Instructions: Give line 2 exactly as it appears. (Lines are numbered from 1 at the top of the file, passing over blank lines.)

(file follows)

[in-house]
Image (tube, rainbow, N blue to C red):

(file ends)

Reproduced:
Image (tube, rainbow, N blue to C red):